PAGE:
Statistical Thermodynamics and Rate Theories/Data

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Molecule (K) (K)
H2[1] 87.547 6332.52
N2Invalid <ref> tag; invalid names, e.g. too many 2.0518 3393.54
O2Invalid <ref> tag; invalid names, e.g. too many 2.0793 2273.60
F2Invalid <ref> tag; invalid names, e.g. too many 1.2808 1318.87
HFInvalid <ref> tag; invalid names, e.g. too many 41.345 5954.27
HClInvalid <ref> tag; invalid names, e.g. too many 15.240 4303.41
NOInvalid <ref> tag; invalid names, e.g. too many 2.4524 2739.79
C2H2[2] 1.7012

Example[edit]

Calculate the ground state characteristic rotational () and characteristic vibrational () temperatures for molecular hydrogen, H2.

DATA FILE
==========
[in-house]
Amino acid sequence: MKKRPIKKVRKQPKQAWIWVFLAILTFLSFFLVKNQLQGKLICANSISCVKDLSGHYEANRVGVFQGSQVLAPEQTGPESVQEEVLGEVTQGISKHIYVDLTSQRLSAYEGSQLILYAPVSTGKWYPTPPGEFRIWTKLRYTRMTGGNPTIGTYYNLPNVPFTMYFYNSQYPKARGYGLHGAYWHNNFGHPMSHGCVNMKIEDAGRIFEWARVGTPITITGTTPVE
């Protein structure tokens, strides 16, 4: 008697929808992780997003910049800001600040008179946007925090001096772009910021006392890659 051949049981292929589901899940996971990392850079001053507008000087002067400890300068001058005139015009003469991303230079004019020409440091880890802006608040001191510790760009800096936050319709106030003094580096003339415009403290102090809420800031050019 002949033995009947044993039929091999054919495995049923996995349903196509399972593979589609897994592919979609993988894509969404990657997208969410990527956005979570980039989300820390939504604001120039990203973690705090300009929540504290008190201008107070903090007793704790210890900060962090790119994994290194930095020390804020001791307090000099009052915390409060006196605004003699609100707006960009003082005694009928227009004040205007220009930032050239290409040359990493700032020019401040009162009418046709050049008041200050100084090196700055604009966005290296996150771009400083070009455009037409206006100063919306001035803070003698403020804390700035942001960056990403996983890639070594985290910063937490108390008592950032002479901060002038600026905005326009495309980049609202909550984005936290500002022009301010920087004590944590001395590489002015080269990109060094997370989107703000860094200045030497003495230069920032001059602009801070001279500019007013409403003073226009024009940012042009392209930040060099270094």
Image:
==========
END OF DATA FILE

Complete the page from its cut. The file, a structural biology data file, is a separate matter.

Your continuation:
Where is the reduced Planck constant, is the internuclear distance for ground state hydrogen[1], is the Boltzmann constant, and is the reduced mass.

The characteristic vibrational temperature () is calculated using the following equation

Where is Planck's constant, is the Boltzmann constant, and is the vibrational frequency of the molecule. To retain units of K the vibrational frequency must be changed to units of s-1.

References[edit]

  1. a b http://webbook.nist.gov/cgi/cbook.cgi?ID=1333-74-0
  2. E. Plyler, E. Tidwell, and T. Wiggins, (1963). Rotation-Vibration Constants of Acetylene. Journal of Optical Society America. Table 4, Data section in appendix